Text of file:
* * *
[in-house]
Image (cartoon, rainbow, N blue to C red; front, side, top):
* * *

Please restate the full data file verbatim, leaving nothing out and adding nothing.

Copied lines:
[in-house]
Image (cartoon, rainbow, N blue to C red; front, side, top):